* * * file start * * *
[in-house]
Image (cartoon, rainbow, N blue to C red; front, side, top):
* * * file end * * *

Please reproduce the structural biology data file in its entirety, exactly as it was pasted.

[in-house]
Image (cartoon, rainbow, N blue to C red; front, side, top):